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The Gall of Gallstones

"Gallstones are particles or pieces of solid material that form in the gallbladder. "
By: Gwen Y. Reyes-Amurao, M.D.The Gall of Gallstones

Gallstones are particles or pieces of solid material that form in the gallbladder. These may vary in shape, size, color and texture depending mainly on what they are made of. The two types of gallstones are cholesterol stones and pigment stones. Cholesterol stones develop once there is too much cholesterol in the bile secreted by the liver. Typically, bile is able to dissolve or break down cholesterol. However, once there is too much cholesterol in the blood, bile function is overpowered, leading to stone formation. Stones that are made of cholesterol are usually yellow-green in color and occur very often, accounting for about 80% of gallstones; while pigment stones tend to be smaller and very dark because of its bilirubin content. Bilirubin is a chemical produced when your liver destroys mature red blood cells. Certain conditions may cause an overproduction of bilirubin or production of bile that is highly concentrated, leading to the formation of pigment stones.

Who can develop gallstones?

Sadly, women are more likely to develop gallstones than men, with only 1 man having gallstones for every 4 women who do. The following are also important risk factors for developing gallstones:

  • Obesity or being overweight, According to the Journal of Pediatric Gastroenterology and Nutrition, obese children are at a much higher risk of developing gallstones
  • A high cholesterol or high-fat diet
  • Rapid weight loss in a short amount of time
  • A high fiber diet
  • Diabetes Mellitus
  • Pregnancy
  • Family history of gallstones
  • Age
  • Liver cirrhosis
  • Estrogen intake or women on oral contraceptives or high-dose estrogen therapy

How do I know if I have gallstones?

According to the American College of Gastroenterology, individuals with gallstones often have no observable signs or symptoms. These are called silent gallstones. Once the gallstones block the bile ducts, pressure increases in the gallbladder. This leads to signs and symptoms such as:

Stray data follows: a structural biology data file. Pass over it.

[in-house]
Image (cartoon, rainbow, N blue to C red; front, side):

• Pain on the upper right side of the body, just below the ribs
  • Pain radiating to the back or right shoulder
  • Nausea and vomiting
  • Excessive sweating, which may be due to pain
  • Restlessness
  • Jaundice or yellowish discoloration of the skin and eyes
  • Clay-colored stools

What are the stages of Gallbladder Disease?

What is common among all patients who have gallstones is that they tend to experience severe pain especially during the later stage of gallbladder disease. According to the American College of Gastroenterology, this pain is known as the gallbladder attack, wherein extreme pain lasts more than one hour up to a few hours and happens only once the stones block the movement of bile from the gallbladder. The risk of silent gallstones causing a gallbladder attack is 1% annually meaning for every 100 people that have silent gallstones, 10 of those people will experience an attack within the next ten years.

How are gallstones diagnosed?

Although medical history and specific physical examination findings are characteristic of gallstones, some presentations may be mistaken as appendicitis, pancreatitis or gastroesophageal reflux disease or GERD. Doctors may request for specific laboratory procedures in order to reach a definitive diagnosis. Imaging studies such as Ultrasonography, Computerized Tomography (CT) scan and Magnetic Resonance Imaging (MRI) are some of the studies done in order to determine not only presence of gallstones, but also the location of the stones.

How are gallstones treated?

In the first stages of gallbladder disease, gallstones especially cholesterol stones can be treated through nonsurgical on non-invasive procedures. These include:

  • Medications that contain stone-dissolving properties such as Ursodeoxycholic acid and chenodiol, the most effective in dissolving these types of stones by far, although it may take several months for the stones to completely disappear.
  • Shockwave Lithotripsy is a procedure wherein a machine crushes the gallstones into smaller pieces and may be used along with ursodeoxycholic acid.

Treatment for gallstones is usually surgical removal of the gallbladder. This is called cholecystectomy and is one of the most common procedures all over the world. In the past, the gallbladder could only be removed by making an incision through the abdomen, with up to several days of downtime and about a month of no physical activity after. With technology, the gallbladder can now be removed by making several small incisions in the abdomen and inserting a laparoscope, thus its name laparoscopic cholecystectomy.

How can you prevent gallstones?

By identifying the different risk factors, immediately one can assume which preventive measures can be undertaken if one doesn’t want to develop gallstones

  • Diet Modification
    • Reduce intake of fat and avoiding high-fat or high-cholesterol food
    • Limit intake of caffeine, high-fat dairy products and sweets
    • Eat small frequent meals throughout the day
    • Eat a well balanced diet
    • Eat lots of fruits and vegetables
  • Lose weight gradually and properly
  • Drink at least 10 glasses of water
  • Exercise

Although humans can leave without a gallbladder, it is still best to have all your organs intact and properly functioning. Now that you know what leads to gallstone formation, what’s important is to avoid things that lead to stone formation in order to prevent unnecessary pain and surgery in the future.  

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